What follows is a few excerpts from the essays and exams I wrote as part of the 'Citizenship, Civil Society and Social Movements' module I took during the second year of my undergraduate geography course. Towards the end of the year, I caught up on a lot of reading and I found the concepts slotted together in rather satisfiying ways. My outlook on the module is also helped by the fact I got a first in it. Below you will find three excerpts, all of which I'm quite happy with.

Why is Citizenship Urban?

Mitchell (1997), in examining urban anti-homeless laws, provides an example of how this differentiated citizenship can be enforced by varyingly scaled actors who are brought together through the city. Mitchell (1997: 303-305 ) explains that Capital, unshackled from the constraints of space by globalisation and technology, swirls around the globe “like a plague of locusts” in search of places of better comparative advantage. Municipal officials, property owners and businesses are then described as “prostrating themselves” before Capital, not only enacting neoliberal financial reforms (in the form of tax and regulation cuts) but also reshaping the urban fabric to produce an attractive facade of efficiency: a “reinvestment in place...and of imagery”. While this may involve “public investment in such amenities as museums, theatres and concert halls”, it also constitutes the purging of the homeless in what Mitchell calls ‘annihilation of space by law’: the implementation of legislation that directly and indirectly (by redefining acceptable behaviour in public space) outlaws the presence of the homeless, working as a “legal remedy” to remove the “left-behind” of the market, “erasing the spaces in which they must live”. In this example, we can draw on Davis’ (2016) understanding of assemblage theory to see how the hyper-mobile business class, municipal-level stakeholders (city officials and business owners) and individual citizens employed as police and security guards all exist as a flexible ‘assemblage’ of actors, operating on a variety of scales to reinforce a particular view of citizenship. Neoliberal ideology not only formulates the homeless as a ‘constitutive outside’ to citizenship that threatens the precarious and impoverished with destitution, it does so through neoliberal methods, privatising the enforcement of citizenship and distributing it to private actors: the city becomes a dense “archipelago of territorialised sites”, ranging from gentrified streets and boulevards to brightly-lit parks and plazas, from which the homeless are expelled by police and private security guards (Walsh, 2014: 240; Davis, 2016: 119). To summarise, in Mitchell’s (1997) “annihilation of space by law” we can see how legislation has enabled the ‘homo sacer’ of the homeless (“included in the juridical order solely in the form of its exclusion”; Ammore, 2006; Agamben, 1995: 4) to be persecuted by a varied assemblage of actors that have been brought together by the city.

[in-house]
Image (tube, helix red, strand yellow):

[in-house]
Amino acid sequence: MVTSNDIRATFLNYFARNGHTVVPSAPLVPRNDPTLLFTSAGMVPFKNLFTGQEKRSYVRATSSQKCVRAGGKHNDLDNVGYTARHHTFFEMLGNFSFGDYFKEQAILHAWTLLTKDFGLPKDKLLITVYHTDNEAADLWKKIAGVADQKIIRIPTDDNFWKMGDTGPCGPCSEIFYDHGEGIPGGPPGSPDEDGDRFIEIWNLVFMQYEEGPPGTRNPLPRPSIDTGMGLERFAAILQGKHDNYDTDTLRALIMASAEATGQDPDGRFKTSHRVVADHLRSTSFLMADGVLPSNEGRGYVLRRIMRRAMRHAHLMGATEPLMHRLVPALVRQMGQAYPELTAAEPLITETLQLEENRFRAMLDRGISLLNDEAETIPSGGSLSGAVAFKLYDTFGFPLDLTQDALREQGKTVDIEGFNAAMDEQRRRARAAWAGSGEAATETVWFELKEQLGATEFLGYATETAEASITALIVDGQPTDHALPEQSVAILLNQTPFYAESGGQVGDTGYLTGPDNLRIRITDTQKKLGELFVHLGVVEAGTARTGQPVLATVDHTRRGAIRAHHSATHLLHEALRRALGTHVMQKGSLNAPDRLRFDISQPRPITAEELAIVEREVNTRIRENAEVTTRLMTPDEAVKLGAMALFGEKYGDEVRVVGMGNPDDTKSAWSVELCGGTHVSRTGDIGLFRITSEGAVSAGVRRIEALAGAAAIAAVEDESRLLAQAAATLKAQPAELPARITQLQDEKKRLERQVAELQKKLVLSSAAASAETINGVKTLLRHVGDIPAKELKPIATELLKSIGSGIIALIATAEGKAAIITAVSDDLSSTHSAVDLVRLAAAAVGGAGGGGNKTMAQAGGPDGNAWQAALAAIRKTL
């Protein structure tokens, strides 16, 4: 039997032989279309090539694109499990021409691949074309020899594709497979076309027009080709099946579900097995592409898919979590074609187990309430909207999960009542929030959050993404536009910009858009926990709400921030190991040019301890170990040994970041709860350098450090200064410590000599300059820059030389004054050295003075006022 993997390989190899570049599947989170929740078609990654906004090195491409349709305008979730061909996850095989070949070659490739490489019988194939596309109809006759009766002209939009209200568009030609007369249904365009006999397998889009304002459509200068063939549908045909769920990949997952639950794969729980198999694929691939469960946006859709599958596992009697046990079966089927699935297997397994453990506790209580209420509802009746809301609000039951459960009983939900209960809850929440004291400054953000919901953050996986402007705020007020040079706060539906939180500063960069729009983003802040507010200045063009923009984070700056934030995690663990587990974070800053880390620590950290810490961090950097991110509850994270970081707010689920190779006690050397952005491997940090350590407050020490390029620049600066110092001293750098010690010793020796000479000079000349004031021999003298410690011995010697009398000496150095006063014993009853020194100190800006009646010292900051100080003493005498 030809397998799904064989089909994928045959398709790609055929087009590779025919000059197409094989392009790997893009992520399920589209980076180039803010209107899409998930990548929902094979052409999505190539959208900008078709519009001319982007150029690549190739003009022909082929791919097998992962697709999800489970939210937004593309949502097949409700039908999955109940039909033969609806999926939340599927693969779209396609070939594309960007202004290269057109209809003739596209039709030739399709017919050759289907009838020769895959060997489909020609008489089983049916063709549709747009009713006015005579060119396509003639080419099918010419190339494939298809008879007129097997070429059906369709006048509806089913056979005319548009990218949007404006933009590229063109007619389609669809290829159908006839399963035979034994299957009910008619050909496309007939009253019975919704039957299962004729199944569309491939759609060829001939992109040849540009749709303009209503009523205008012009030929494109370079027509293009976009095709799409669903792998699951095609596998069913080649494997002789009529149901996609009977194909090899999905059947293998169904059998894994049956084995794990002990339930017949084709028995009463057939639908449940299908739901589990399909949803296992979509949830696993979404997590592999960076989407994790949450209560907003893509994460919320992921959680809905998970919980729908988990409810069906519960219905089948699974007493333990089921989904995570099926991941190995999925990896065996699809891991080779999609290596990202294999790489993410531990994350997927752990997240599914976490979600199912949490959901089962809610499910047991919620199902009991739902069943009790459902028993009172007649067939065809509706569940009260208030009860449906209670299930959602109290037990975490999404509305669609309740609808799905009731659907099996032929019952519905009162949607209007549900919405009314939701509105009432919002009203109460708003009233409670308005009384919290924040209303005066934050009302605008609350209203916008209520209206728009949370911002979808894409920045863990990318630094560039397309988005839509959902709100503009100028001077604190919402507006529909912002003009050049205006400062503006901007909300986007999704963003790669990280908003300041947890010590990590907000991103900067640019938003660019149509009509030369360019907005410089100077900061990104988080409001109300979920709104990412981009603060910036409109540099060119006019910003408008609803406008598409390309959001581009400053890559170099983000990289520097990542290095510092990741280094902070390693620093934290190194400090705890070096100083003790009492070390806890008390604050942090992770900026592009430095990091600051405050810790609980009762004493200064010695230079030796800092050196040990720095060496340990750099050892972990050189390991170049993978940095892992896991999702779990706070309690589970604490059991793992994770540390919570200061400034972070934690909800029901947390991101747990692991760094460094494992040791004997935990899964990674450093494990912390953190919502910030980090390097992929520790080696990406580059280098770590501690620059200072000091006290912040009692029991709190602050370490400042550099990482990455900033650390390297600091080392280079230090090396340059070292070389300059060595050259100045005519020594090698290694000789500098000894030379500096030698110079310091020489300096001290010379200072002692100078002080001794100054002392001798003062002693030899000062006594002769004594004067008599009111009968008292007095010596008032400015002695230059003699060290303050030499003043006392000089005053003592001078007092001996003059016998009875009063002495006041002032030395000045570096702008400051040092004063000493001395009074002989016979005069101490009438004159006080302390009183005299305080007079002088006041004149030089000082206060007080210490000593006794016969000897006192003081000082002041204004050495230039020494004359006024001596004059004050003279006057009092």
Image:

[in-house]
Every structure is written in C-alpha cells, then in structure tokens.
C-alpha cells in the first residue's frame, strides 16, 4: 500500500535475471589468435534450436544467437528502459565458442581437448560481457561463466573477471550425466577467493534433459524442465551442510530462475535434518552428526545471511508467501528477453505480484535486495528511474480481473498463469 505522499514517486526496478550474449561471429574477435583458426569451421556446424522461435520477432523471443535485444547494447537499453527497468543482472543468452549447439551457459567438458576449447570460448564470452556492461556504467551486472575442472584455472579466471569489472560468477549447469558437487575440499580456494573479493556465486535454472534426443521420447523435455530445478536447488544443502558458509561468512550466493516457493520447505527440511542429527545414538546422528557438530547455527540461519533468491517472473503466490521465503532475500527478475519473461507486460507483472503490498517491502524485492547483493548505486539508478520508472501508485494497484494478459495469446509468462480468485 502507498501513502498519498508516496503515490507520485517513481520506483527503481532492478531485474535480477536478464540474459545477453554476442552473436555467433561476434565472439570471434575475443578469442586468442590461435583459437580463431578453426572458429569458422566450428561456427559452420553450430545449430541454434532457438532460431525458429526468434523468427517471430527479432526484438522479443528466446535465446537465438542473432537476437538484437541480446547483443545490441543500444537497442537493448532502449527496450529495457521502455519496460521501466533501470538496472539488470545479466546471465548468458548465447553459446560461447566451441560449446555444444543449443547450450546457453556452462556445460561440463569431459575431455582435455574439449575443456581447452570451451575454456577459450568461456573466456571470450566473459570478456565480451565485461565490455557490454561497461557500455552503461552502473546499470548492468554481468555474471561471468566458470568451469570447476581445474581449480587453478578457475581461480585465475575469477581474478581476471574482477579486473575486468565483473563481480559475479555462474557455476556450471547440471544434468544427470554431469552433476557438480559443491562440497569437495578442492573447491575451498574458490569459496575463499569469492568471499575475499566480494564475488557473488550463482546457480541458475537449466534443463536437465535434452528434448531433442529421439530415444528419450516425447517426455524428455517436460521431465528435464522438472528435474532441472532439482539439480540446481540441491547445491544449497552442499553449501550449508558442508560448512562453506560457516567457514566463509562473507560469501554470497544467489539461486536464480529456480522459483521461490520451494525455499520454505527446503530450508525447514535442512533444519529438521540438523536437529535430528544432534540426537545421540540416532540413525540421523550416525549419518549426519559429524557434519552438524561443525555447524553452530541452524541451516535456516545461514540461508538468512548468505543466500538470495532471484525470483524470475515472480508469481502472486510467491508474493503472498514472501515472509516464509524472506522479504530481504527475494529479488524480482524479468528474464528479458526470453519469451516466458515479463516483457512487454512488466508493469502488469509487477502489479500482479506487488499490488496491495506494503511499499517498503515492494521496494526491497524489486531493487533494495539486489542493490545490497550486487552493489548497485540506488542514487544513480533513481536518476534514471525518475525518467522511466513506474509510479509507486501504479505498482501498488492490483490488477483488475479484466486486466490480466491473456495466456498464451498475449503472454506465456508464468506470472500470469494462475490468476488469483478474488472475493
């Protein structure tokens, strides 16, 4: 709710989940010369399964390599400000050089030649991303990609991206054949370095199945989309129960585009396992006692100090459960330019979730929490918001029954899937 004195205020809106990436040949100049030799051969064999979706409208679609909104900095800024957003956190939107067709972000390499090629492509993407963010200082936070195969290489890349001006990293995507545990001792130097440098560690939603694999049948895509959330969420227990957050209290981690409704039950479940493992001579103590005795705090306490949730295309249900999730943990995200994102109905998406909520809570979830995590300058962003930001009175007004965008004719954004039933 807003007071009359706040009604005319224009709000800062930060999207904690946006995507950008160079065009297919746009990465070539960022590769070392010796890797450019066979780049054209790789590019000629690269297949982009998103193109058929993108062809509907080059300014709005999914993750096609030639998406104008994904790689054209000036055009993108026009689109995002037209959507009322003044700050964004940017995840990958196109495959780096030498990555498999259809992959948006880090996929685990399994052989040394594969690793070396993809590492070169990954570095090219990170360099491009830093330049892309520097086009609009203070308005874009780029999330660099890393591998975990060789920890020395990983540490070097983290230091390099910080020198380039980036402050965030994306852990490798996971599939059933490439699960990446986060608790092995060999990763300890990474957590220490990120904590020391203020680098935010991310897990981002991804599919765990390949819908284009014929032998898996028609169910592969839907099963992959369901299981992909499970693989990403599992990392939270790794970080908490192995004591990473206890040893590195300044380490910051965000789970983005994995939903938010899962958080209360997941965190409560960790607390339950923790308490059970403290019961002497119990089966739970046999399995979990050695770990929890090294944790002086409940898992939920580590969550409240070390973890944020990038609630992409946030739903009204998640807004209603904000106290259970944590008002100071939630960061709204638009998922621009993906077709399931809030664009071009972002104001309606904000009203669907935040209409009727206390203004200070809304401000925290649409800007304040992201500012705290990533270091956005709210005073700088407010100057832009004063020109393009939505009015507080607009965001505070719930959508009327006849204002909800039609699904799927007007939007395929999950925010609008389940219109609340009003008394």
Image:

Can civil society ever be distinct from the state?

In drawing a definition of civil society, Radcliffe (2004: 519) starts with arguably “the most influential writer in the field”; Robert Putnam. Putnam’s work focuses on the notion of ‘civil associations’ (relationships between individuals that exist outside of state operations), taking a Toquevillian stance that these associations are essentially positive and generate ‘social capital’; these “win-win ties” act as connections that bind communities together and foster the “networks and norms of civic engagement” that at local and regional scales serve to reinforce human capital and democracy (Putnam, 1993: 106). These ‘civic associations’ can take many forms, a fact admitted by Alvarez, Dagnino & Escobar (1998: 17), who describe how civil society can be designated as widely as “everything that is not the state or the market” or as specifically as “organised and purposive associational life aimed at the expression of societal interests”, a label which would apply best to social movements and trade unions. In other words, civil society is a “gas, expanding or contracting to fit the analytic space afforded it” (Foley & Edwards, 1996: 42). This essay will use the framework of Foley & Edwards (1996: 39) to draw a distinction and pin down a secure definition. Foley & Edwards suggest that civil society is a two-sided concept: ‘Civil Society I’ refers to the Toquevillian “family of arguments” that emphasise the civility fostered by non-state “associational life in general”, whereas ‘Civil Society II’ emphasises the importance of “civil society as a sphere of action that is independent of the state and that is capable - precisely for this reason - of energizing resistance” to the state. Moving on, I will focus on the role of Civil Society II as a “counterweight” to potentially “tyrannical” citizenship regimes.

What is the difference between citizenship being learnt or demanded?